iteration process in the solution of a system of linear equation 453

References for Chapter 12 458

**CHAPTER 13 **

** APPROXIMATE SOLUTION OF SYSTEMS OF NOHLINEAR EQUATIONS 459**

13.1 Newton’s method 459

13.2 General remarks on the convergence of the Newton process 465

13.3 The existence of roots of a system and the convergence of the

Newton process 469

13.4 The rapidity of convergence of the Newton process 474

13.5 Uniqueness of solution 475

13.6 Stability of convergence of the Newton process under variations

of the initial approximation 478

13.7 The modified Newton method 481

13.8 The method of iteration 484

13.9 The notion of a contraction mapping 487

13.10 First sufficient condition for the convergence of the process of

iteration 491

13.11 Second sufficient condition for the convergence of the process

of iteration 493

13.12 The method of steepest descent (gradient method) 496

13.13 The method of steepest descent for the case of a system of

linear equations 501

13.14 The method of power series 504

References for Chapter 13 506

**CHAPTER 14 **

** THE INTERPOLATION OF FUNCTIONS 507**

14.1 Finite differences of various orders 507

14.2 Difference table 510

14.3 Generalized power 517

14.4 Statement of the problem of interpolation 518

14.5 Newton’s first interpolation formula 519

14.6 Newton’s second interpolation formula 526

14.7 Table of central differences 530

14.8 Gaussian interpolation formulas 531

14.9 Stirling’s interpolation formula 533

14.10 Bessel’s interpolation formula 534

14.11 General description of interpolation formulas with constant

interval 536

14.12 Lagrange’s interpolation formula 539

14.13 Computing Lagrangian coefficients 543

14.14 Error estimate of Lagrange’s interpolation formula 547

14.15 Error estimates of Newton’s interpolation formulas 550

14.16 Error estimates of the central interpolation formulas 552

14.17 On the best choice of interpolation points 553

14.18 Divided differences 554

14.19 Newton’s interpolation formula for unequally spaced values of

the argument 556

14.20 Inverse interpolation for the case of equally spaced points 559

14.21 Inverse interpolation for the case of unequally spaced points 562

14.22 Finding the roots of an equation by inverse interpolation 564

14.23 The interpolation method for expanding a secular determinant 565

14.24 Interpolation of functions of two variables 567

14.25 Double differences of higher order 570

14.26 Newton’s interpolation formula for a function of two variables 571

References for Chapter 14 573

**CHAPTER 15 **

** APPROXIMATE DIFFERENTIATION 574**

15.1 Statement of the problem 574

15.2 Formulas of approximate differentiation based on Newton’s first

interpolation formula 575

15.3 Formulas of approximate differentiation based on Stirling’s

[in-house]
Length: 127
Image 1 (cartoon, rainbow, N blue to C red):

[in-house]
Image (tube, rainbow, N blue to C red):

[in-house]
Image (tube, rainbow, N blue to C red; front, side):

formula 580

15.4 Formulas of numerical differentiation for equally spaced points 583

15.5 Graphical differentiation 586

15.6 On the approximate calculation of partial derivatives 588

References for Chapter 15 589

**CHAPTER 16 **

** APPROXIMATE INTEGRATION OF FUNCTIONS 590**

16.1 General remarks 590

16.2 Newton-Cotes quadrature formulas 593

16.3 The trapezoidal formula and its remainder term 595

16.4 Simpson’s formula and its remainder term 596

16.5 Newton-Cotes formulas of higher orders 599

16.6 General trapezoidal formula (trapezoidal rule) 601

16.7 Simpson’s general formula (parabolic rule) 603

16.8 On Chebyshev’s quadrature formula 607

16.9 Gaussian quadrature formula 611

16.10 Some remarks on the accuracy of quadrature formulas 618

16.11 Richardson extrapolation 622

16.12 Bernoulli numbers 625

16.13 Euler-Maclaurin formula 628

16.14 Approximation of improper integrals 633

16.15 The method of Kantorovich for isolating singularities 635

16.16 Graphical integration 639

16.17 On cubature formulas 641

16.18 A cubature formula of Simpson type 644

References for Chapter 16 648

**CHAPTER 17 **

** THE MONTE CARLO METHOD 649**

17.1 The idea of the Monte Carlo method 649

17.2 Random numbers 650

17.3 Ways of generating random numbers 653

17.4 Monte Carlo evaluation of multiple integrals 656

17.5 Solving systems of linear algebraic equations method by the Monte

Carlo method 666

References for Chapter 17 674

**COMPLETE LIST OF REFERENCES 675**

**INDEX 679 **

sir i have a copy of ‘problems in descriptive geometry by Kh.A.ARUSTAMOV’ A Mir publishers book of 1974.Can it be of any help to you.

It would be great if you can scan and upload it.

D

Damitr

Is this blog owned by you and desperadomar jointly? (Some of the recent posts had mentioned desperadomar as author)

Desperadomar kindly agreed to put up some posts as a Christmas gift to all, me being too busy with other stuff.

He has been helping me with the maintainence of the site for a while and is one of the editors of the site. I owe a BIG thank to him.

He has been a nice Santa 🙂

D

copy will have .jpg type files.no problems?

cs

This site will help you in making e-books

http://damitr.org/2011/05/10/free-software-tools-for-scanning-and-making-e-books/

thank you!

your effort is a great relief for me, who loves the books by MIR Publishers!

thanks again!

Where can I get this book in India?

can you help me?

“the server this file is on is currently offline for maintenance, try again later, please contact support if this issue persists”

great effort, thanks

please re upload the link

thanks

Says invalid link please help